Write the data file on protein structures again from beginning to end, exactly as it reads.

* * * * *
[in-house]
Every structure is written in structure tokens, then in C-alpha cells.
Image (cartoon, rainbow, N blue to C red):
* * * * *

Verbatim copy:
[in-house]
Every structure is written in structure tokens, then in C-alpha cells.
Image (cartoon, rainbow, N blue to C red):